The Senate Banking Committee approved a bill last week that loosens regulations on the Federal Housing Authority (FHA).

The FHA insures loans for many buyers of residential real estate.

You don’t hear a lot about FHA here in Massachusetts, because of low dollar limits on the loans they will insure.

The new law would change that, according to the Wall Street Journal:

FHA-insured loans lost market share over the past decade as lenders found that subprime loans were more lucrative and easier to arrange. The bill would increase the maximum size of loans that can be insured by the FHA in high-cost areas, such as California.

Currently, the FHA can’t insure loans greater than $362,790, largely shutting it out of the market even for modest homes in some areas. The bill would raise that to the local median home price or $417,000, whichever is less.

The bill would also lower the minimum down payment to 1.5% of the appraised value of the property from 3%.

That sounds all wel … wait!!! What?

The bill would also lower the minimum down payment to 1.5% of the appraised value of the property from 3%.


That’s a terrible idea.

Now, I’m not saying that how much money you have invested in your home is indicative of whether or not the bank ends up foreclosing on your loan (but maybe that’s true?), but I think it’s safe to say that people who have higher levels of equity in their homes are in a much better situation. If you have 5-10% equity in your home, and have to sell it due to a lost job or because you get sick, you have many more options than if you have 1.5% invested and the market tanks. You won’t be able to cover your agent’s commission, with that, much less be able to absorb any market loss.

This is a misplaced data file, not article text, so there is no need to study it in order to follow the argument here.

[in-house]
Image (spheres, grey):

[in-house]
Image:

Nice try, but Congress can, and should, do better.

More: House Passes a Bill Curbing Mortgage Brokers – By Alex Frangos, The Wall Street Journal

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Updated:  1st Q 2018



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